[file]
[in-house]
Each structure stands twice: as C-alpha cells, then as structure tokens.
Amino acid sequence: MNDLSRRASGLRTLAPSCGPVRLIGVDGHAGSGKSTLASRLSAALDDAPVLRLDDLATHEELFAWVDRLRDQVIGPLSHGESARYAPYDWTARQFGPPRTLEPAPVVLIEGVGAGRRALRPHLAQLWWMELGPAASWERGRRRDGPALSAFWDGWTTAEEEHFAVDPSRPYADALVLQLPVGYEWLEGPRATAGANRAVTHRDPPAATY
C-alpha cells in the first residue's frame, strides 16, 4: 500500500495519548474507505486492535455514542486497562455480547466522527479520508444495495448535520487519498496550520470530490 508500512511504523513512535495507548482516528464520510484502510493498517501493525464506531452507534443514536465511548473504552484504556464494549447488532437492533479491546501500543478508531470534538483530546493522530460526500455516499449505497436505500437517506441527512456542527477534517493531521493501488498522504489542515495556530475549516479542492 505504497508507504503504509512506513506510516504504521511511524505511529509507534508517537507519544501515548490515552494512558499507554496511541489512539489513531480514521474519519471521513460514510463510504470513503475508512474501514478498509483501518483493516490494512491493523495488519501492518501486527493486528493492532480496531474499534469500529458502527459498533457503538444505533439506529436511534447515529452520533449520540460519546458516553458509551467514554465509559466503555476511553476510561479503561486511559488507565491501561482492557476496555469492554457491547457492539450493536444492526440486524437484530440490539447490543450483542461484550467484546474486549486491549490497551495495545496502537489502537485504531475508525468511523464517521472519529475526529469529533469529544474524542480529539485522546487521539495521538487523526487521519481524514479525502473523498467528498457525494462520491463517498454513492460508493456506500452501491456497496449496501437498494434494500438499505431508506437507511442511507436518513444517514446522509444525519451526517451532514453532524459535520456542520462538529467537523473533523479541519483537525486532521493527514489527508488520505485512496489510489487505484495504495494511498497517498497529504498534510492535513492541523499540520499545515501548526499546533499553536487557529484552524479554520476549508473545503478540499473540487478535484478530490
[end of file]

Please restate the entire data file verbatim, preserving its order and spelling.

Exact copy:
[in-house]
Each structure stands twice: as C-alpha cells, then as structure tokens.
Amino acid sequence: MNDLSRRASGLRTLAPSCGPVRLIGVDGHAGSGKSTLASRLSAALDDAPVLRLDDLATHEELFAWVDRLRDQVIGPLSHGESARYAPYDWTARQFGPPRTLEPAPVVLIEGVGAGRRALRPHLAQLWWMELGPAASWERGRRRDGPALSAFWDGWTTAEEEHFAVDPSRPYADALVLQLPVGYEWLEGPRATAGANRAVTHRDPPAATY
C-alpha cells in the first residue's frame, strides 16, 4: 500500500495519548474507505486492535455514542486497562455480547466522527479520508444495495448535520487519498496550520470530490 508500512511504523513512535495507548482516528464520510484502510493498517501493525464506531452507534443514536465511548473504552484504556464494549447488532437492533479491546501500543478508531470534538483530546493522530460526500455516499449505497436505500437517506441527512456542527477534517493531521493501488498522504489542515495556530475549516479542492 505504497508507504503504509512506513506510516504504521511511524505511529509507534508517537507519544501515548490515552494512558499507554496511541489512539489513531480514521474519519471521513460514510463510504470513503475508512474501514478498509483501518483493516490494512491493523495488519501492518501486527493486528493492532480496531474499534469500529458502527459498533457503538444505533439506529436511534447515529452520533449520540460519546458516553458509551467514554465509559466503555476511553476510561479503561486511559488507565491501561482492557476496555469492554457491547457492539450493536444492526440486524437484530440490539447490543450483542461484550467484546474486549486491549490497551495495545496502537489502537485504531475508525468511523464517521472519529475526529469529533469529544474524542480529539485522546487521539495521538487523526487521519481524514479525502473523498467528498457525494462520491463517498454513492460508493456506500452501491456497496449496501437498494434494500438499505431508506437507511442511507436518513444517514446522509444525519451526517451532514453532524459535520456542520462538529467537523473533523479541519483537525486532521493527514489527508488520505485512496489510489487505484495504495494511498497517498497529504498534510492535513492541523499540520499545515501548526499546533499553536487557529484552524479554520476549508473545503478540499473540487478535484478530490